Clarity is … easier

My Tuesday’s have turned into the craziest, busiest days of the week. I completely forgot that yesterday was Tuesday! It was, in my brain, Monday. Not everyone has a M-F 9-5. As a matter of fact, there are millions of people in our world that don’t even think in that 40-hour-a-week mindset. They can’t even relate to our work/life-by-the-clock mentality.

This is an opportunity to learn about other cultures. Writing for a global audience gives me the invitation to become aware of how someone in another country would interpret what I’m talking about. It made me consider beginning each ‘Clarity is’ entry with, “In my country…”. It would be easier to express my feelings by acknowledging that not everyone will understand it.

This is how we break down the language of exclusion. Acknowledging with inclusive language.

‘Anxiety’ … for example

Anxiety for one culture is completely different for another. For example, several years ago, my personal life took a big hit. Disaster struck me and my family. Things snowballed into a couple of extremely difficult years. I began to suffer from PTSD as a result. I’v mended (for the most part) now. I knew I was living in an unreal reality, but I decided to become one with my pain, lean into the hard times, and embrace the negatives as a gift. Panic, anxiety and shame would have washed everything else down the drain if I had missed a weekly blog post two years ago. Something that is simply done as part of life in other cultures.

One day, I realized that nobody was harder on me than I was on myself. A gift that keeps on giving … pain.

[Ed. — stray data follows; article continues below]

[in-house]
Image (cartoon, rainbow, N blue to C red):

Here in the USA, we don’t often turn pain into a gift of knowledge while learning the harder life lessons.

In that battle of flight or fight, ‘fight’ can mean a lot of things. Internal, mental, emotional fight is as real a manifestation of sorrow, as a physical fight. It’s a journey through the mind. Something that must be felt, more than studied in a sterile laboratory.

Embracing forgiveness

It gets easier with time. This, life lesson of sorrow. When we add loving kindness toward ourselves in times of internal struggle, we learn that though we may win the ‘fight’, we’re going to have scars. Battle scars of having won a hard fight.

It became easier to see clearly when I rationalized my struggle with the struggles of others living much harder lives. Loving kindness emerged the victor. I also realized that in the battle of ‘fight’ or ‘flight’, it’s not either/or. It’s a bit of both. People around the world will understand this universal truth.

The thing is, people who’ve seen hard times (and live to tell about it), are usually kinder, more tolerant, more compassionate, clearly aware individuals who ultimately understand that thriving and love are synonymous. Life isn’t about being perfect. It’s about savoring it perfectly. Then everything else is just … easier. Something I’ve borrowed from my international community. The ease of letting go.


About the Author: Karen Henry Daly is a positive psychology practitioner, blogger, author and speaker. She is a coach/consultant who writes both fiction and non-fiction about loving one’s best life, thriving, recovery and post traumatic thriving. Box 586 “Creating the life we want to live.”



“We Are The Positive Psychology People”.

Find out more about positive psychology courses and training at 

Share This